The recent pandemic gave society a glimpse of the potentially disastrous effects of unregulated, hasty deployment of digital services. The health and education sectors offered the most pronounced examples of the vitality of digital services for mitigating the effects of social-distancing and sustaining the global economy. At the same time, it demonstrated the threats that the “inescapable” character of the digital condition poses for human freedom particularly when its governance is almost exclusively in the control of private actors.

The new EU legislation packages aim to address the emerging power asymmetry between Big Tech and society. In its current form the DSA recognises the importance of acting on the avoidance of intermediary liability and the lobbying of platforms to be perceived as mere conduits of communication. Yet, the DSA risks missing its mark by failing to take stock of the critical role and distinct nature of education technology (EdTech) platforms.

The EdTech landscape is currently regulated by GDPR, but this barely succeeds in safeguarding children’s rights or their most fundamental freedoms, including their right to self-determination. In the field of education, digital services can collect and sell data but also ‘train’ their AI-based systems constantly through observation of educational processes. The growing "knowledge capital" acquired by educational technology companies widens the power asymmetry between the industry and society and generates lobbying power and knowledge to reconstruct education systems to suit EdTech business models.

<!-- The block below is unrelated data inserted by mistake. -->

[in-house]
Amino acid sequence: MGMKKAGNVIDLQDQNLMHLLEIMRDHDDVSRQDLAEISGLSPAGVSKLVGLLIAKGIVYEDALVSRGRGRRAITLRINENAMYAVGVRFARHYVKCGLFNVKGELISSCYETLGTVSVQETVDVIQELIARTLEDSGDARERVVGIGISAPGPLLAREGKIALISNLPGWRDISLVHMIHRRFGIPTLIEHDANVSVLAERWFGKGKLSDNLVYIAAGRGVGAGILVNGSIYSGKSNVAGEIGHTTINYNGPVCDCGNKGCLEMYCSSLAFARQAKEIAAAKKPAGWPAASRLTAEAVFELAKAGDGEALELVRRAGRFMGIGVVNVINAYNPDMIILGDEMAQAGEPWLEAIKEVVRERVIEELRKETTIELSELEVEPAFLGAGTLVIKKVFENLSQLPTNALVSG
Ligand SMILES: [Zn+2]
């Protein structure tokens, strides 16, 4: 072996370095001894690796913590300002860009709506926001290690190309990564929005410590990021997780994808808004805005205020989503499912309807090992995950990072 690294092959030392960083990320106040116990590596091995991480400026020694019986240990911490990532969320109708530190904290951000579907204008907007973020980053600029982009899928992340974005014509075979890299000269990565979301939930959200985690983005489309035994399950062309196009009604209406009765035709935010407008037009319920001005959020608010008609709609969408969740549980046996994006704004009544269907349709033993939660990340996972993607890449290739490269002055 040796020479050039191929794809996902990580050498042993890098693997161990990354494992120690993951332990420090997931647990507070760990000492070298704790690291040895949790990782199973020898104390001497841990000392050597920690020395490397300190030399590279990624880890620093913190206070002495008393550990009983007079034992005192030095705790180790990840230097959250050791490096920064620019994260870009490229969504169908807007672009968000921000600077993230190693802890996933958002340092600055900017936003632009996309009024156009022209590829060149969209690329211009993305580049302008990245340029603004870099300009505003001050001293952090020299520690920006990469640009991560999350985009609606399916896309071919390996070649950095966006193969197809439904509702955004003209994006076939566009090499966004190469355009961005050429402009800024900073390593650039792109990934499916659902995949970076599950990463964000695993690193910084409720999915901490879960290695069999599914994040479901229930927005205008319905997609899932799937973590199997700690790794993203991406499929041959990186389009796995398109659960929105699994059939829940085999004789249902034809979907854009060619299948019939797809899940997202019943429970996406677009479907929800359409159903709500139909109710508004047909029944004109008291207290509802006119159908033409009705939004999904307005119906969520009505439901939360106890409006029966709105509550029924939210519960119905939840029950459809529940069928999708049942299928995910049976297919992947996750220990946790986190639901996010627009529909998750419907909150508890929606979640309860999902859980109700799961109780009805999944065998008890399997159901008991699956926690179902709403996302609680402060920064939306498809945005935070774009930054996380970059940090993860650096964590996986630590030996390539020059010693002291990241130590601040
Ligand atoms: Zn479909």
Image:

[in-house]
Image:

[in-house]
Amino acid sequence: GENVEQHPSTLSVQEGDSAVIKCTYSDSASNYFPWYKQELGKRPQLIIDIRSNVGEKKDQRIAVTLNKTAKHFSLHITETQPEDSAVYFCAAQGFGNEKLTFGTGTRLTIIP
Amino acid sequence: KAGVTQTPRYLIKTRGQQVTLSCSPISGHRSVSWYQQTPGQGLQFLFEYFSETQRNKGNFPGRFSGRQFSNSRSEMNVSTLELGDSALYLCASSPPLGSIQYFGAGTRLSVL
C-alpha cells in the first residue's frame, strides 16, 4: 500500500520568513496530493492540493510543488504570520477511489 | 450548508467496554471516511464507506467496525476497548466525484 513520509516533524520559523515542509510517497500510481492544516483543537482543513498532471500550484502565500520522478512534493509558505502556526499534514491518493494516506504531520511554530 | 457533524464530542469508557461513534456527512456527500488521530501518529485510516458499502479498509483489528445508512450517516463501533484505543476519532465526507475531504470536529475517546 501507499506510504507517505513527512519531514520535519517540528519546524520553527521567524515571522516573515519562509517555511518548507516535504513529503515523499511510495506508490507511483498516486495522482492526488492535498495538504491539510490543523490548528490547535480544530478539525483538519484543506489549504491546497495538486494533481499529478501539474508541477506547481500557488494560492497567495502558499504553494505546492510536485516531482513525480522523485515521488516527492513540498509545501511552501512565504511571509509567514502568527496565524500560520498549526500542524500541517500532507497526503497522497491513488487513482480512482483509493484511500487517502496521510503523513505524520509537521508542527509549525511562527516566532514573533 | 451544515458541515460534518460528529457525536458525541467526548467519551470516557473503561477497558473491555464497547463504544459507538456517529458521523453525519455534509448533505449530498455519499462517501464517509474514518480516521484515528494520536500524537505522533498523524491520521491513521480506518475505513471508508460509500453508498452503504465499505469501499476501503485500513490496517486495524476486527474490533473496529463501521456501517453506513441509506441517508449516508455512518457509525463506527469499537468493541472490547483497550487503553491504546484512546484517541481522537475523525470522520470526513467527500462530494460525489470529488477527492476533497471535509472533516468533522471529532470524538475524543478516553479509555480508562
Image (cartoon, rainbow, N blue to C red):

This discussion brings together experts from across sectors to discuss the challenges and opportunities that the DSA/DMA legislation packages create considering two important parameters: a) the “inevitability” of the collaboration of the public and private sector in the process of the digitalisation of education and b) the risks involved in the unchecked deployment of data-driven services in education including the colonisation of society’s collective vision about its future by profit-driven businesses.

Speakers: Professor Sonia LivingstoneDr Ioanna NoulaDr Velislava Hillman, Eva Kaili (Member of the European Parliament and Chair of European Union’s Future of Science and Technology Options Assessment), Dr Desmond Bermingham (Australian Council for Education Research), Dr Ben Wagner (TU-Delft) and Mitzi László (Nextcloud GmbH).

Chair: Professor Nick Couldry

View event details here


Refusing Discriminatory Technologies of Power: racial justice and the challenge of hi-tech policing